There are plenty of different forms of credit, all of which aim to help people with a range of different financial needs. Some types of credit are accessible to everyone, and some will only be available to those with a good credit history.
Credit cards are now available to most people, whatever their financial circumstances, so they have become one of the most common, and popular, forms of credit. Almost all banks offer credit cards and there are a lot of financial institutions whose entire business is built on just lending to customers through credit cards.
Because of the popularity of this type of borrowing, there’s quite a range of credit cards on the market. Whether you have a good or bad credit history, whether you need to borrow for purchases or to pay off other credit cards, there are so many options out there it can be difficult to know which one is the best option for you – and more importantly, it can be difficult to know when a credit card might not be the best option for you.
So, what are the alternatives to credit cards? Some alternatives include:
An overdraft is a credit facility that is attached to your normal bank account. Most bank accounts will have the option to apply for an overdraft, but some basic or children’s accounts won’t offer the facility. Your overdraft limit depends on the creditworthiness assessment that the bank will conduct before granting you the overdraft, but in some cases, customer’s may find themselves in an unarranged overdraft which is when you borrow more money than your overdraft limit allows. From April 2020, all overdrafts (including unarranged overdrafts) will charge a single annual interest rate for using the service and there’ll be no more daily or monthly fees for using your overdraft. This will bring overdrafts more in line with most other forms of credit.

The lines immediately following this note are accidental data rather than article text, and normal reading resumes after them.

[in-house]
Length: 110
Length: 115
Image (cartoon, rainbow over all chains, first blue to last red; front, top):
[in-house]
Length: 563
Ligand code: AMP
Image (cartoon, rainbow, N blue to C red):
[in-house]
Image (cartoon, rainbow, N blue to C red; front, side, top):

Short term loans, also known as payday loans or instalment loans, allow consumers to borrow a small amount of cash for a short period of time. Rather than a revolving credit facility like a credit card, a short term loan will have 1 loan transfer date, and 1 loan repayment date for payday loans, or several repayment dates in the case of an instalment loan. Although anyone can apply for a short term loan, they tend to be most useful to those who have a bad or limited credit history where other lower interest products may be inaccessible.
This is a type of loan that is often applied for by people who don’t have a good enough credit history to be approved for a typical personal loan. Another person, usually a friend or family member will be the guarantor and they will have to pay the loan back if the customer fails to make the agreed repayments.
This type of loan is secured against an asset, for example your mortgage is secured against your house. It is simply a way of lending with a guarantee that the creditor will not lose out if the loan is not repaid. In the case of a mortgage, your house may be repossessed if you fail to keep up with your mortgage repayments. On a smaller scale, pawnbrokers operate in the same way: you give the shop a valuable item which they will pawn, or sell, if you don’t repay the loan back on time or in full to recoup their costs.
This is really just when you borrow your friends or family. It can be strange to consider it a loan as you often won’t pay interest back with the amount you borrowed and there probably won’t be any legal repercussions if you don’t pay back on time, but you have borrowed money and therefore it is a type of credit, albeit less formal than a credit card, for example.
Peer to peer lending platforms are like financial matchmakers. They offer an online service where individual lenders – who have money to lend and are looking for a good return - are matched with individuals or businesses who are looking to borrow at a lower interest rate than a conventional loan. Seems like a win-win for both sides, right? However it can be a risky investment as the borrower may default on the loan and there’s a risk the individual lender won’t get their money back.